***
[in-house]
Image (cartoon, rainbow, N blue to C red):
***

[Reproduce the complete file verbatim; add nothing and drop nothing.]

[in-house]
Image (cartoon, rainbow, N blue to C red):